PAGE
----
Machiavelli in other languages
Author: Emanuele Cutinelli-Rendina, University of Strasbourg
Together with the Divina Commedia and Pinocchio, Niccolò Machiavelli’s Il Principe is the best-known and most translated work in Italian literature, as well as being, to an even greater extent than the other two works, quintessentially reflective in the collective imagination of the culture from which it originates (which, it has to be said, is not always exactly positive!). While Dante’s poem and the immortal tale of the wooden boy have vast audiences made up of readers attracted, above all, by the literary value of the two texts, Il Principe has an audience comprising the most diverse categories of readers: philosophers and historians of ideas, political scientists and sociologists, but also anybody who, for whatever reason, is interested in the dynamics and inner workings of human behaviour. Il Principe had a knock on effect, generating interest in the rest of the production of this Florentine author: from his historical works and essays to his literary works, namely from Dell’arte della guerra and Discorsi sopra la prima deca di Tito Livio to Mandragola and La favola di Belfagor, all works which have now been widely translated.
It is, therefore, impossible to give a simple overview of the presence of Machiavelli, especially Il Principe, in other cultures and languages, also because it is a phenomenon that began shortly after his death and coincided with the development of a political self-awareness in the West, where his ideas were either rejected or appropriated. Even looking at just the contemporary period, it can be seen how the quincentenary celebrations of Machiavelli’s birth in 1969 gave such a tremendous impetus to studies on Machiavelli that there is no longer any modern language into which at least Il Principe has not been translated, while all the most widely-spoken languages now have translations of the complete works of Machiavelli, in modern collections produced by specialists. These have then been used to produce more reader-friendly editions, intended for a broader audience of non-specialists. This has happened in the case of Japanese, Korean and Mandarin, to give just a few examples of languages that represent hundreds of millions of readers.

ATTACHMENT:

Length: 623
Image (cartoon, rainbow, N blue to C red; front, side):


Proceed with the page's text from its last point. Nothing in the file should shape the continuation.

Limiting this survey to the most important cultural languages in Western Europe, as requested by the editor, it can be seen that it is possible to find at least a dozen translations of Il Principe in bookshops in France, all fairly recent and accompanied by more or less adequate critical and historical contributions. To mention just the most innovative and detailed of these translations, there is the translation, published in 2000 by Presses Universitaires de France, by two of the leading Machiavelli specialists, Jean-Louis Fournel and Claude Zancarini. This edition is 642 pages long, for a text of just a few dozen pages, as the translation is accompanied by a detailed historical, linguistic and theoretical commentary. This monumental work then provided the basis for an easier-to-read translation, published by the same publishers in 2014, which has already been reprinted on several occasions. Among the many translations of Machiavelli’s minor works (though how can one say that Mandragola or Dell’arte della Guerra are ‘minor’?), one might wish to highlight, for its academic value and precise translation, the translation of Discorsi sopra la prima deca di Tito Livio by Alessandro Fontana and Xavier Tabet, published by Gallimard in 2004.